With VBS coming up, attitudes and conversations can make a difference when you have a rambunctious group of kids


Attitudes and conversations-VBS-crazy kids


Summer is here, and recently I’ve been doing my early morning walk on the beach. In our part of the country we have a beach restoration project going on. This project involves ships, pipes 4 feet in diameter, tractors, backhoes, and other equipment needed to dredge the sand off the bottom of the ocean and pump it up onto the beach. It’s quite interesting to watch the sand pour out of those very large pipes onto the beach and then observe the large earthmoving equipment move all the sand around and pile it up on the beach.

More fascinating to me than the equipment are the seashells. Compared to the large pieces of equipment used to move the sand, the shells appear so small and insignificant. As I look at these shells I am reminded that nothing God has created is small or insignificant.

I pick up shell after shell. Some are whole and some are broken. When I look at the broken shells, my mind equates their condition to the broken relationships many children experience in our world today.

These are the children from fractured and divorced families, the foster care children, and children who have experienced some type of trauma in their short lives. Just like the shells that were created to be whole, these kids are living lives that are broken into bits and pieces. These are the kids who bring chaos into your group. Some are rambunctious. Some are out of control. A few of these kids will test every boundary and rule you have.  

How will these kids be treated in your Vacation Bible School (VBS)? How will you talk to them? How will you calm them and let them know that Jesus loves them just as much as He loves the other children in the group?

Getting everyone registered and to the right room can be stressful and hectic. Will you and your volunteers be too stressed and busy the first day to notice these kids?

Will you encompass them and fill their emotional bucket, or will you not notice them and send them away with an empty emotional bucket and a spiritual emptiness?

Attitudes and conversations make a difference

A leader’s words and attitude can help calm a rambunctious group of kids. Here are some easy and simple tips to help you help those kids who seem to be instigating that kind of mood in your group.

  • Stay calm and keep a relaxed and nonthreatening posture.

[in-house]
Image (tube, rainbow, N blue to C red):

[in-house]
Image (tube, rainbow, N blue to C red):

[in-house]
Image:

Your calmness can be contagious. A relaxed stance with eyes softened, arms at your side, one foot in front of the other, and a smile is a nonthreatening posture and helps a child feel welcomed. Taking this stance also helps your voice sound calm and reassuring.
  • Small words matter to small people.

    In other words, keep it simple. When wanting a child to do something, use the child’s name and the verb. “Coleman, sit.” Or, “Josey, listen.” Say it in a matter-of-fact tone.
  • Soft words speak loudly to hurting kids.

    Spoken softly one on one, “Thank you for being here today.” Or, “I’m glad you are here today. I would miss you if you were absent.”
  • Assure the child he or she is safe.

    “Cassie, remember I’m here to keep you and everyone safe. Standing on a chair is not safe. What could you do that would be safe?” Cassie is always in trouble, but in your group she is not in trouble because you continually help her. You also diffuse the situation by not making a big deal about her misbehavior and antics.
  • Keep a smile on your face, especially when you are greeting each child.

    Smiling and making eye contact says to the child, “You matter.”
  • When correcting a child, don’t force the child to look at you.

    Some traumatized children do better when you are standing next to them. Simply tell them what you want them to do.
  • Notice acts of kindness.

    “Lexi, I saw you get some scissors for your friend. That was a kind thing to do.” Kindness is contagious when you can get the kids to realize what kindness looks like.

Brushing a child aside because you are rattled, are too busy, or have too many kids in one room may very well feel like God is brushing them aside. Keep in mind that for many of these kids, you are the closest they have been to someone who is Christlike.

Remember all the shells I’ve been collecting? Even though some are broken, they are still vibrant in their color. They have unique shapes to them. They are still worth picking up and adding to my collection. Just like some of the children who will attend your VBS. Even though they may be experiencing broken relationships or are broken themselves, they are still valuable to the heavenly Father. They are still worth saving.


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